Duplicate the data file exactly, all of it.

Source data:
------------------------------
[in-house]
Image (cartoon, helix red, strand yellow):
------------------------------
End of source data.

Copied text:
[in-house]
Image (cartoon, helix red, strand yellow):